My Dear Mr. Williams:

You were asking me what I thought about a new term in criticism: the Art of "Escape." Isn’t that phrase tautological? What has art ever been but escape? To be sure, this definition is for the moment used in a derogatory sense, implying an evasion of duty, something like the behavior of a poltroon. When the world is in a bad way, we are told, it is the business of the composer and the poet to devote himself to propaganda and fan the flames of indignation.

But the world has a habit of being in a bad way from time to time, and art has never contributed anything to help matters-except escape. Hundreds of years ago, before European civilization had touched this continent, the Indian women in the old rock-perched pueblos of the Southwest were painting geometrical patterns on the jars in which they carried water up from the streams. Why did they take the trouble? These people lived under the perpetual threat of drought and famine; they often shaped their graceful cooking pots when they had nothing to cook in them. Anyone who looks over a collection of pre-historic Indian pottery dug up from old burial mounds knows at once that the potters experimented with form and color to gratify something that had no concern with food and shelter. The major arts (poetry, painting, architecture, sculpture, music) have a pedigree all their own. They did not come into being as a means of increasing the game supply or promoting tribal security. They sprang from an unaccountable predilection of the one unaccountable thing in man.

At the moment, we hear the same cry which went up during the French Revolution: The one really important thing for every individual is his citizenship, his loyalty to a cause-which, of course, always means his loyalty to a party. The composer should be Citizen Beethoven, the painter Citizen Rembrandt, the poet Citizen Shelley, and they should step into line and speed their pen or brush in helping to solve the economic problems which confront society. There have been generous and bold spirits among the artists: Courbet tried to kick down the Vendôme Column and got himself exiled, Citizen Shelley stepped into line and drove his pen-but he was not very useful to the reforms which fired his imagination. He was "useful," if you like that word, only as all true poets are, because they refresh and recharge the spirit of those who can read their language.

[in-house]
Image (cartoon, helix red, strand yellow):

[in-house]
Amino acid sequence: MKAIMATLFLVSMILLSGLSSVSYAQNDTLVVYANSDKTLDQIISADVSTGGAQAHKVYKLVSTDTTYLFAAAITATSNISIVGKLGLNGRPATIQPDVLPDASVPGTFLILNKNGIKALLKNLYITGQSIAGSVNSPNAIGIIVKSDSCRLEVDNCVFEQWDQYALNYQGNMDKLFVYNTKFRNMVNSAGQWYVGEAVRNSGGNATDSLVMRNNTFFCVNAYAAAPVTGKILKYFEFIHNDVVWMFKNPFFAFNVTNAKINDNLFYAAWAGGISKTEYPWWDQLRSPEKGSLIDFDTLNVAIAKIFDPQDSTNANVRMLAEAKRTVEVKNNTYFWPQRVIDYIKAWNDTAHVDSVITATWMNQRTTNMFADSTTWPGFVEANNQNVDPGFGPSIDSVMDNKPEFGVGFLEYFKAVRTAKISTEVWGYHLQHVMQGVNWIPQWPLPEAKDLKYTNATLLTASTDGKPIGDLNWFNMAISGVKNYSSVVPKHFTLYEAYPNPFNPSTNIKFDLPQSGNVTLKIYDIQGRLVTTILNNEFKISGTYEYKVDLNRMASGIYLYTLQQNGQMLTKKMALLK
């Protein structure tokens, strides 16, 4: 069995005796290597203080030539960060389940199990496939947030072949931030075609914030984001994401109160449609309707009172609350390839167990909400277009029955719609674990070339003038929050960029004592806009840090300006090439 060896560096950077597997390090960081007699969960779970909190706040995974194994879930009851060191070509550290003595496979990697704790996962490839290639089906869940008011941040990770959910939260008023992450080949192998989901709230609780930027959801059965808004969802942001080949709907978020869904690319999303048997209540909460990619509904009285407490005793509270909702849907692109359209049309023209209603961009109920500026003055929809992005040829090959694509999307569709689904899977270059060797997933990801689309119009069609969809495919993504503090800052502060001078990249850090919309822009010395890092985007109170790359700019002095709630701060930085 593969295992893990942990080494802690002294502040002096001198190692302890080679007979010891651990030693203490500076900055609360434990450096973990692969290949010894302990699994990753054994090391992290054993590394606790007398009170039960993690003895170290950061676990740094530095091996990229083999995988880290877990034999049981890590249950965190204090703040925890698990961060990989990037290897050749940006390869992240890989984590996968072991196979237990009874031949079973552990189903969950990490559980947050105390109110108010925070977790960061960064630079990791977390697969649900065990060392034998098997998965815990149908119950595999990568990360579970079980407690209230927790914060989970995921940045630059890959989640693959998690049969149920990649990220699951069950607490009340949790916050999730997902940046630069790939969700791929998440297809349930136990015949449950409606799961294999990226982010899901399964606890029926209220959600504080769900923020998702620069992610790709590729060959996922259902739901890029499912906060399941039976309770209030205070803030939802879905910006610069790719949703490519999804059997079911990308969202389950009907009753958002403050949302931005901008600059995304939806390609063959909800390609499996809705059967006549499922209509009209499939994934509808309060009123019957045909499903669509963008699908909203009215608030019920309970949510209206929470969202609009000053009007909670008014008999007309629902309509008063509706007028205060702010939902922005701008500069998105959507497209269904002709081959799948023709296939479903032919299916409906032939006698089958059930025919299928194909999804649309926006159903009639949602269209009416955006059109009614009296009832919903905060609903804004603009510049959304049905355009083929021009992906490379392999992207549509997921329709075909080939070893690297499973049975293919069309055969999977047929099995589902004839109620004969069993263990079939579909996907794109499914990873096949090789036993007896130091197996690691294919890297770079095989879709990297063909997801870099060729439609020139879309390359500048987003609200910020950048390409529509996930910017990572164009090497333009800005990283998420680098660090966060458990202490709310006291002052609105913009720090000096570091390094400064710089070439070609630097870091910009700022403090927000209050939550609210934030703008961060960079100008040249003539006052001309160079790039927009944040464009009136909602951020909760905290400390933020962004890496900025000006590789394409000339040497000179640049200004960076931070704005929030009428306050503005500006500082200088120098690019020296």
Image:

"Face the stern realities, you skulking Escapist!" the Radical editor cries. Yes, but usually the poor Escapist has so little cleverness when he struggles with stern realities. Schubert could easily write a dozen songs a day, but he couldn’t keep himself in shirts. Suppose the Radical editor, or the head of the Works Project, had to write a dozen songs a day? I can’t believe that if Tolstoi and Gœthe and Viollet-le-Duc and Descartes and Sir Isaac Newton were brought together and induced to work with a will, their opinions, voiced in their various special languages and formulae, would materially help Mayor La Guardia to better living conditions in New York City. Nearly all the Escapists in the long past have managed their own budget and their social relations so unsuccessfully that I wouldn’t want them for my landlords, or my bankers, or my neighbors. They were valuable, like powerful stimulants, only when they were left out of the social and industrial routine which goes on every day all over the world. Industrial life has to work out its own problems....

The literary radicals tell us there must be a new kind of poetry. There will be, whenever there is a new poet-a genuine one. The thesis that no one can ever write a noble sonnet on a noble theme without repeating Wordsworth, or a mysteriously lovely lyric without repeating Shelley, is an evasion. As well argue that because so many thumb-prints have already been taken, there must be a new method of identification. No fine poet can ever write like another. His poetry is simply his individuality. And the themes of true poetry, of great poetry, will be the same until all the values of human life have changed and all the strongest emotional responses have become different-which can hardly occur until the physical body itself has fundamentally changed....

Now, my dear Mr. Williams, I have already said much too much about a fleeting fashion which perhaps is not to be taken seriously at all. As Mary Colum remarked in the Yale Review: "The people who talk about the art of escape simply know nothing about art at all." At all, I echo!

Sincerely yours,

Willa Cather

The Commonweal

April 17, 1936

Willa Cather is the author of Death Comes for the Archbishop, Shadows on the Rock, Lucy Gayheart, and other books.

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